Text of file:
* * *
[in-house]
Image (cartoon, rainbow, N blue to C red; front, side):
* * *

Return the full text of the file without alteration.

[in-house]
Image (cartoon, rainbow, N blue to C red; front, side):